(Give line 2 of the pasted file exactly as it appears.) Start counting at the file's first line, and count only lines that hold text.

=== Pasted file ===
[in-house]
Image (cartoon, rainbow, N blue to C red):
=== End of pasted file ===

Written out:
Image (cartoon, rainbow, N blue to C red):